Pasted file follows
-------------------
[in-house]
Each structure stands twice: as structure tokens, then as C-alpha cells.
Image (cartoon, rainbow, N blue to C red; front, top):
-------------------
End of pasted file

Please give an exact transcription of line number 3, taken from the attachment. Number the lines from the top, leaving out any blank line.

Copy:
Image (cartoon, rainbow, N blue to C red; front, top):